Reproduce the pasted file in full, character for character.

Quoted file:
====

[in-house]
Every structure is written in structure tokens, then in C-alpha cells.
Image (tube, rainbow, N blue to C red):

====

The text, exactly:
[in-house]
Every structure is written in structure tokens, then in C-alpha cells.
Image (tube, rainbow, N blue to C red):